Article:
A software-defined perimeter, also known as SDP, is a security framework that restricts access to resources on the basis of an individual’s identification.

The SDP is created to hide an organization’s infrastructure from outsiders while still allowing authorized users access to the infrastructure.

Through the implementation of the SDP approach, the goal of establishing the basis of the network perimeter as software rather than hardware will be attained. An organization that uses an SDP is, in essence, covering its servers and other infrastructure so that it cannot be seen from the outside; however, authorized users are still able to access the infrastructure, therefore allowing companies to maintain a high level of security.

At the network layer, rather than the application layer, a software-defined perimeter forms a virtual barrier around the assets of an organization. This separates it from typical access-based limitations, which limit the rights of users but enable extensive network access.

How Does an SDP Work?

If an SDP is in place, unauthorized users should not be able to connect to a server through any method, even if it is technically available, as SDPs provide access to users only after:

  • confirming user identification
  • analyzing the status of the device

Following successful authentication of both the user and the device, the SDP will proceed to establish an individual network connection between the device in question and the server it will attempt to visit. An authenticated user is not signed in to a broader network but rather is granted their own network connection that no one else can access and that only contains the services that the user has permitted access to.

Why Use a Software-Defined Security?

The most significant change brought by SDN is the transition from hardware to software.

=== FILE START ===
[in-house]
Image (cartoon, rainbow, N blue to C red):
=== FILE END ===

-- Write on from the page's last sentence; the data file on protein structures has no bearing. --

This transition not only indicates the future of networking but also illustrates the nature of the changing cyber threat scenario and the more complicated security concerns that are ahead.

As the network edge gradually disappears, the Internet of Things will become an even greater security concern. Enterprises will require comprehensive approaches to endpoint security to expedite operations, minimize the number of endpoint protection technologies, and eventually offer greater protection for all devices that connect to the corporate network.

Millions of insecure IoT devices endanger the security environment for networks. As IoT devices grow more popular, bad actors may exploit weaknesses in these devices to conduct DDoS and other attacks, and as attack vectors are becoming more complex, the security of an enterprise’s network must serve as protection for data and assets.

Benefits of Software-Defined Perimeter

  • Effective and adaptable protection against intrusions and other security breaches.
  • Hardware cost reduction, as SDP is based on the virtualization of the network security applications.
  • Use of already existing network equipment, even if such appliances do not enable more sophisticated procedures for traffic monitoring.
  • Implement dynamic configuration of pre-existing network nodes as a means of mitigating the effects of an attack.
  • Unified perspective on the logical security rules that are in place inside the SDN controller architecture but are not connected to any specific server or hardware security appliance.
  • Visibility of information from one source.
  • Integration with advanced applications to simplify the process of event correlation and enable a response.
  • Facilitates IoT & BYOD safe connectivity.

How do SDPs Relate to Zero Trust Security?